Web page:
"We still have to write the history of how the new Irish State became so dominantly Catholic. Irish Catholicism was always a little bit cut off from the mainstream connections in Europe. The Enlightenment didn't play a role (here). In more recent times, because we weren't involved in the Second World War. It was only at the time of the Second Vatican Council that we …"
Q. You have been critical of the Apostolic Visitations sent to Ireland by Rome after publication in 2009 of the Ryan and Murphy reports?
A. "There was somehow the idea that the Irish church could be reformed from outside. That's not the case. The Visitation was not very well planned. It was carried out with generosity and the conclusions were vague. They were very little. The one thing that came out was that they found that the Irish church was following the norms regarding child protection.
“What worried me is that there was a three-year period in which the natural progress that should have been taking place in the Irish Catholic Church - home-grown and home-led - was put in the freezer. It delayed reform.
"Where (the seminaries at) Maynooth and the Irish College in Rome were concerned they found that the seminarians needed a home. They said they were living in a canteen and went home to something similar.
Maynooth is a campus designed for 500 seminarians. The theology faculty was a seminary, primarily. Both of those have changed.
“The theology faculty hasn’t really as yet come right round to the idea as to what it should be for the formation of Christians, not just priests. It has to find its own way. If Maynooth is to be a Pontifical University (a university with the Vatican’s imprimatur to teach theology), the only English-speaking Pontifical University, one of the few in Europe, then it has to find its place. A lot of people wouldn’t even know in Ireland that we have a Pontifical University. It’s weak in publications. Things are happening, but we have a long way to go.”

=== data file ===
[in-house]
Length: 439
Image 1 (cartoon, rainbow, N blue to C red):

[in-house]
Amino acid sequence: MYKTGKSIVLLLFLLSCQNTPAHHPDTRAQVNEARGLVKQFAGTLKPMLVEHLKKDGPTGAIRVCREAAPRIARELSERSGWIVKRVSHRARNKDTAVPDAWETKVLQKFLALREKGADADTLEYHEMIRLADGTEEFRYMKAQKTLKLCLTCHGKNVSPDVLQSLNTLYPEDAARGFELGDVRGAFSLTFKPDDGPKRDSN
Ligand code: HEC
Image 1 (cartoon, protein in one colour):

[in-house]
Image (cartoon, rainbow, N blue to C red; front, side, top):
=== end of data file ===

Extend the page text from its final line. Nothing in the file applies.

Q. Are two Irish seminaries sustainable?
A. "Probably not."
Q. Are different kinds of priestly formation being considered?
A. "One seminarian, for various reasons, is now living in a parish and going to theology. We formed a small group to accompany him on that. It would be better if we had two or three. I think we have to be open to…we have to be very open. But people have to be out and in the reality of the culture in which they are living.
“The Irish College is more of a community in that everybody eats together and they mingle. Maynoooth still had this idea of the professors and the students (separately) which again was another form of seminary…Financially to keep it going is a problem…”
Q. This small island has 26 Catholic dioceses. Is there an argument for rationalisation ?
A. "The revision of dioceses in any country is a problem. In Italy the Pope has almost thrown his hands up in despair. There is a problem in the West of Ireland. There's a great sensitivity there but there's depopulation there as well…
"I could give you 10 parishes in Dublin and they'd become the second largest diocese in Ireland…" Archbishop listed parishes in the Archdiocese with over 10,000 people each: "Arklow, Athy, Aughrim St, Ballaly, Balbriggan 25,000., Blanchardstown 18,000, Brackenstown 14,000, Cabinteely 10,000, Celbridge 23,000, Clondalkin 14,000, Crumlin 11,000, Donaghmede 17,000, Dundrum 11,000, Esker/Dodsboro /Adamstown 13,000, ….Halston St. 10,000..population changing, Huntstown 23,000, Jobstown 11,000, Kilquade 16,000…
“We’ve done the analysis of the population over-65, and then which of the parishes is the highest and lowest. Irish born, White Irish, Irish citizens.Inner city Dublin is radically different. Parishes like Berkley Road (have a) very, very high percentage of ‘foreign nationals’…culturally different. I don’t like designation ‘White Irish’.”